How do things stand today? The question who was right, Gandhi or Ambedkar; has become redundant. It is now imperative to ask how long is one’s social status going to be decided on the basis of one’s accident of birth. How long is my caste going to determine the options before me regarding my livelihood? The recent survey on observation of untouchability in India is quite eloquent in this context.

So is the unequivocal declaration that those who reconvert to Hindu fold, who ‘return home’; will be placed in the same caste they originally belonged to. There is no need to defend Gandhi; such occurrences today bear ample testimony to the limitations Gandhi faced then.

Hind Swaraj- by far the most unpalatable part of Gandhi’s preaching for a metro-born-and-brought-up person like me. In this book written in 1908, Gandhi has not just condemned modernity; he has been scathing in his remarks on the Western concept of progress and on technology as a whole.

In 1938 he reiterated that he continued to hold the same views even then. In Hind Swaraj, he has really let himself loose and has questioned the necessity of the railways, of modern medicine. He challenges the idea of progress as a journey towards more comfort and better living conditions. In his opinion, the purpose of human life is to attain peace of mind, to attain unity with the Creator.

Among the many respect worthy attributes of Gandhi is his pragmatism. Which may lead one to find some sagacious pragmatism in Hind Swaraj. Thus it is very tempting to lean towards his line of thinking by citing the mostly unhappy populace in the purportedly progressed countries.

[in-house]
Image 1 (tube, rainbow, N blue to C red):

The rising inequality, and therefore rising unhappiness in the world today also seem to suggest that Gandhi could be right. I disagree. On the contrary, I would question why this man, who went to ridiculous lengths in using exclusively nature remedies, wore spectacles at all. Spectacles are the outcome of modern quest for knowledge and of putting that knowledge to betterment of human condition. It is not possible to have the spectacles and not have the rest.

But there is no doubt that he was the most desi character among the whole lot of them. His personality itself makes the point. Let’s look at an incident – not an anecdote, but a real incident which took place. He was invited to inaugurate an ayurvedic medical college in Kolkata.